Grease it up with butter, and sprinkle some flour over that butter so that it sticks. Give it a shake to knock out any extra flour. This is so that the brownies do not stick to it. Put it where you’ll be able to find it later.


The almonds will take a little time to toast, so I did that first. There are two ways, depending on how fussy you feel like being: put the almonds on a baking sheet and stick them in the oven at like, 400 degrees? Then watch them until they get a little color.  If you insist on photogenic processes like me however, you’ll want the fussy way!

Dump the almonds in a dry cast-iron skillet, turn the heat to medium. Give them a shake every so often to keep them from burning. Eventually they’ll start to crack a little and make sizzle/popping noises. When a good amount have done that, they should be ready: Nuts!Put on a plate, and then somewhere to cool down to room temperature. This might be the freezer, depending on some ratio of time, your planning skills, and patience.

Okay, chocolate time.

Use. Good. Chocolate. Please. This is the heart of the recipe, and it’s so worth it to splurge a little and get the good stuff.

I use blocks of Callebaut, that I chop into flakes with a big knife: mmm...chocolate
I was pretty rough in measuring it out. If you have a kitchen scale, that would be most ideal. I don’t so I judged it by how much the initial block weighed according to the label, and chopped off what looked like the right fraction of a pound for the 3 and 2 ounces. Often times slightly more is simply going to mean more chocolatey, which cannot be a bad thing. But! The unsweetened chocolate is BITTER. This gives the brownies a great chocolatey depth, but don’t mix up the proportion of dark to unsweetened.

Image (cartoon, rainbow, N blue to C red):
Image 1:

Time to melt things!
You can chop your stick of butter (just use a whole stick, really it’s fine) into neat cubes, or you can lazily dump the whole thing into a pan. It’ll melt either way, over low heat.melted_butter
Now dump in that chocolate! Stir until it’s all smooth, shiny and brown.melting_choco&butter
Kill the heat and let it cool for 10 minutes.
Use this time to deal with the almonds and sugar. You’ll need some species of food processor. I’m using an immersion blender’s chopping attachment.blades

It's ok, it's not liquid!

It’s ok, it’s not liquid!

Add electricity!hand_blend
Really grind up those almonds. The finished product should be visibly indistinguishable from the sugar, with no chunks. Think you’ve ground it enough? Do it one more time!
Once you’ve sufficiently disintegrated the almonds, gradually stir the mixture into your velvety chocobutter. Heat is still off! 
Once this is nice and combined, it’s time for eggs. Sorry, I forgot to take a picture, but it looks like chocolate with sugar that has been mixed in.
For best consistency, you should add the eggs individually, but also beat them before adding them: 

Those small Pyrex bowls are awesome. I love them for preparing ingredients ahead of time.

Time to dump your eggs into the almond-sugar chocobutter: 
Do this again with the other one. Once both are in,
we can add the dry stuff:flour, salt, cinnamon, chipotle pepper, and instant espresso.
You’ll want to combine these into a bowl first, 
and then give them a thorough whisking: